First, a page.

It's really a complicated dance between struggling player and dubious team.
As we now know, Russell Martin did not score any financial windfall by signing with the New York Yankees after parting ways with the Dodgers. So from a money standpoint, there's no indication whatsoever that the Yankees wanted Martin more than the Dodgers did.
Further, we know the Dodgers had a handicap. They were bound to the possibility that Martin might earn a substantial raise through salary arbitration, had they guaranteed him a 2011 contract at the December 2 deadline for eligible players. Martin himself understands why the Dodgers might not have wanted to take that risk.
Despite all that, it's pretty clear from his introductory press conference with the New York Yankees — who have named him their starting catcher — that Martin's ego was bruised by the whole experience.
On an emotional level, you can understand it, even if it isn't quite logical. Martin himself seemed to be struggling with the contradiction.
"Not necessarily surprised," Martin said of his reaction to being non-tendered by the Dodgers. "I always knew that there was a possibility, and it was probably a tough call for them. You have a guy who wasn't doing that good past couple of years, and probably getting a raise again (if arbitration was involved.
"It definitely, definitely wasn't easy, but it's kind of hard to explain emotionally how I was feeling. It was just one of those things. ... I really wanted to see how much they really wanted me, because if they did, they would have tendered me a contract. See if they still believed in me and things of that nature. By doing (what they did), they kind of gave me the answer I wanted to find out about."
The Yankees, essentially, never had the same opportunity to hurt Martin's feelings (justifiably or not) the way the Dodgers did. And so, once that December 2 deadline had passed, a fresh start was inevitable.
Martin said he doesn't regret the money he possibly might have lost in the transition.
"I just really wanted to find out, and the only way to find out how much a team wants you is you take a risk," he said.
Of course, Martin represents a risk for the Yankees as well. Not only has he been recovering from his season-ending hip injury, but his physical revealed a small meniscus tear in his right knee that will require surgery. The recovery time is expected to be three weeks.
Not surprisingly, Martin said he isn't concerned.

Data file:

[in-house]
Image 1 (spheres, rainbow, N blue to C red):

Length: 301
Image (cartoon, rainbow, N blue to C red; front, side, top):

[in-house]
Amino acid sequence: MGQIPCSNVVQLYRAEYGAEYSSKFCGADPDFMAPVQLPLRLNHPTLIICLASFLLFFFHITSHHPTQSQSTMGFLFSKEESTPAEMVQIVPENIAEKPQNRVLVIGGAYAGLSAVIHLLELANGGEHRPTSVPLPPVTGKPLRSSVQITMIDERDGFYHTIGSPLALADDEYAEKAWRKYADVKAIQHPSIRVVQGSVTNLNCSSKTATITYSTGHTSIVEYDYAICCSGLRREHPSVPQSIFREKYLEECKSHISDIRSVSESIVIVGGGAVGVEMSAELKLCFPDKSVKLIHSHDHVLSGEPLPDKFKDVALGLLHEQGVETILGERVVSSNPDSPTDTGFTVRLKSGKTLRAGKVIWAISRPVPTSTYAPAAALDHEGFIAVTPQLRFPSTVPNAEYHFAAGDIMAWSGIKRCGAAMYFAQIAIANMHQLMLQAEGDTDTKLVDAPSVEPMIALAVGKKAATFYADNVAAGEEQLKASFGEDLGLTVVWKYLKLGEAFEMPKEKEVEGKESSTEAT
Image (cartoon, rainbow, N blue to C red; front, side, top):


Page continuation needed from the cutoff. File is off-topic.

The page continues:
"It's the first time I had any problems with my knees, so I really don't know what to expect," Martin said. "From what I've heard, it's a pretty simple operation. I think CC (Sabathia) had it done at the end of the year. Three-week recovery, and obviously I have to rehab. I'm not too concerned with it — obviously the timing's bad, because it will affect my offseason training a bit. But from what I've heard, I will be ready by Spring Training."
Martin added that his hip has felt fine for about a month. He said that he can't say for sure how it would feel after catching 10-12 games in a row, but then conceded that people don't necessarily want him to do that anymore, as much as he might resist rest.
"I like playing baseball, so it's hard for me to not want to catch, ever," Martin said. "My best years are probably the years where I've caught the most. I don't really have a number in mind. I like to let the manager dictate those types of things. (Writer's note: We've heard otherwise in past seasons.)
"I've learned through the years, when I do feel my body is banged up, it's better for the team for me to take a day rather than drive myself into the ground and be worthless for the rest of the year."
Martin also talked about his offensive struggles of the past two years. In recent winters, stories of Martin's offseason training have often come across like warning signs, each year seemingly bringing a different approach. Mostly, he feels he lost strength, then tried to compensate with his swing and ended up fouling that up.
This winter, he suggests, brings the back-to-basics edition.
"I think it's (been) just me trying to make adjustments to strive to be even better," he said. "I've tried some things to be a little more athletic, a little faster, instead of sticking to the basics of what made me successful. I think I almost got in my own way. So this year, I made sure to go back to my roots … instead of trying to do more, just really trying to reflect back on what got me there."
He noted that while his offense has regressed, he feels his defense and handling of pitchers has only improved.
In the end, Martin seems genuinely pleased with where he has ended up: closer to his family home, in an everyday role (health permitting) and with another (and of course potentially better) contender.
"My main goal is to have a chance to win," Martin said, "and if you want to pick a place to win, I don't think there's any better place to pick than New York with the Yankees.
"They've told me that I'm the starting catcher, and that's what I expect to be. That's what I'm training to be. Obviously, I feel like I need to earn that. I don't feel that there's anything owed to me or anything like that, especially the way the last two years have gone for me. But my goal is to go in there and do the best I can and help this team win."
Martin doesn't leave Los Angeles without some regret.
"We got a taste of what we wanted to accomplish," he said, "but there's only one winner, and the goal is to win the World Series. We got to the playoffs — we had some good seasons, (but) we fell short a couple of years. It was a great experience, a good learning process.
"Obviously, I'm disappointed in how it all ended, but what can you do?"